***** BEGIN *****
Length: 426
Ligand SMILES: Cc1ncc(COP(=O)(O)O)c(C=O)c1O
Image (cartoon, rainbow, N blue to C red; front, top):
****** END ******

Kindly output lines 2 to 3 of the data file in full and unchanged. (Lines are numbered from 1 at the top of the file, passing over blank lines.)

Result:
Ligand SMILES: Cc1ncc(COP(=O)(O)O)c(C=O)c1O
Image (cartoon, rainbow, N blue to C red; front, top):